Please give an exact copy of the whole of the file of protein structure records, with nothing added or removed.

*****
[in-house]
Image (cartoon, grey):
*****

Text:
[in-house]
Image (cartoon, grey):